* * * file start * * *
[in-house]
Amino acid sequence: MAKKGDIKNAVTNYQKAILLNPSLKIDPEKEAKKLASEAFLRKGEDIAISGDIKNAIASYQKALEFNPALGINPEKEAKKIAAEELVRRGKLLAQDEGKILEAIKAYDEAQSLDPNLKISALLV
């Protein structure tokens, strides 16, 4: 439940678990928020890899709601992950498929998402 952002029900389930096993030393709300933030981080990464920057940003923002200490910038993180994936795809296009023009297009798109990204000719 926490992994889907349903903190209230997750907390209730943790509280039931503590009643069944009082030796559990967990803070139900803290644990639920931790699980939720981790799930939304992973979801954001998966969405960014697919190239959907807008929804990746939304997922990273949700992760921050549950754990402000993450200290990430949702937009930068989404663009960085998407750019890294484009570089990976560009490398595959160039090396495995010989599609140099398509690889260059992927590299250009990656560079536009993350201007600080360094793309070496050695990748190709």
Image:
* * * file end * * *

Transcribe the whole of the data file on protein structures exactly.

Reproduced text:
[in-house]
Amino acid sequence: MAKKGDIKNAVTNYQKAILLNPSLKIDPEKEAKKLASEAFLRKGEDIAISGDIKNAIASYQKALEFNPALGINPEKEAKKIAAEELVRRGKLLAQDEGKILEAIKAYDEAQSLDPNLKISALLV
């Protein structure tokens, strides 16, 4: 439940678990928020890899709601992950498929998402 952002029900389930096993030393709300933030981080990464920057940003923002200490910038993180994936795809296009023009297009798109990204000719 926490992994889907349903903190209230997750907390209730943790509280039931503590009643069944009082030796559990967990803070139900803290644990639920931790699980939720981790799930939304992973979801954001998966969405960014697919190239959907807008929804990746939304997922990273949700992760921050549950754990402000993450200290990430949702937009930068989404663009960085998407750019890294484009570089990976560009490398595959160039090396495995010989599609140099398509690889260059992927590299250009990656560079536009993350201007600080360094793309070496050695990748190709």
Image: